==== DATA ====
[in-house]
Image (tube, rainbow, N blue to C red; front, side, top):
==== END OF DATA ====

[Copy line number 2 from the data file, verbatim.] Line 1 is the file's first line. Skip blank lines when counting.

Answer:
Image (tube, rainbow, N blue to C red; front, side, top):